Install the Git software.

Many development tools, such as XCode, come pre-installed with Git. It's a good idea to update Git even if you already have it installed on your PC. Each operating system has its own set of instructions. Rather than rehashing steps here, I recommend going to and following the instructions for your operating system to install Git.

You should be able to run the command "git" on terminal once you've installed it. You'll note that after installing Git on Windows, you'll get a new terminal named "Git bash." On Windows, this is a customized terminal/command window that attempts to replicate a Unix-style terminal. You're welcome to use it, however I've never had any problems using Git from the PowerShell window. Even on Windows, I believe you should use a Unix-like terminal because a lot of operations usually employ Unix-like commands intermingled with Git instructions. Most programmers mix and match them without even realizing it.

Git Configuration

Before you can use Git, you'll need to set up a few things. You'll need to provide a name and email address at the very least - this is your information, and it will identify you when you commit. The server-side repo, of course, authenticates you using the various Git authentication methods.

You can also set a default editor, and I strongly advise you to specify a line ending format as well.

Let's go over how to set up your computer for the first time.

There are three levels at which Git configuration can be performed. You can do this on a worldwide scale, affecting all users on your computer. You can do so in your user profile, which will have an impact on all work done on that user's profile. Alternatively, you can define at the folder level which settings should apply to which repos. These options are saved in a private file named ".gitconfig." Figure 1 shows an example of my gitconfig.

Let's start by setting up the login and email address. Here's how to do it. Keep in mind that you should use your own username and email address.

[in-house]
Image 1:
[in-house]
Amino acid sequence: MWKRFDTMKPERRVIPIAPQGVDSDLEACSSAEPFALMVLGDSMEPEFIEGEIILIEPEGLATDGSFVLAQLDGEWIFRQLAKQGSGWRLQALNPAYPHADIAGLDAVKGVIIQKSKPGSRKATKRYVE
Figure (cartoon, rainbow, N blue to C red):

After that, we'll choose a default editor. Git uses Vim by default. Vim is popular among programmers. Unless I'm trying to exit Vim, I rarely need to restart my Mac. There are simply too many shortcut keys to keep track of. No, I don't mind it; in fact, when I'm ssh'ed into a Docker container, I might not be able to use anything like VSCode. However, I find VSCode to be more productive, so I'll make it my default editor as follows.

Of course, VSCode must be installed and on your path for the above to operate. VSCode now appears whenever you need to enter multi-line commit messages or perform anything that requires modification. Let's give it a shot. To edit all of your settings, run the command below.

As you can see, VSCode opens using your.gitconfig configuration. Because this isn't Vim, you don't need to memorize the "shift ZZ" shortcut to save and exit.

Figure 1 illustrates my settings, which include a few extra features that I haven't mentioned yet. It's possible that your settings file will differ somewhat.

Finally, we'll set up the end-of-line options. Let's have a look at this setting because it's quite significant. An end of line in Windows appears like this:

Have you noticed the difference? Carriage return and new line are frequently used by Windows. The reasons for this are ancient and so entrenched in Windows that it is unlikely to alter. However, when some of your developer pals use Macs and you use Windows, this poses a significant dilemma. In reality, while working on open source projects, this is almost always the case.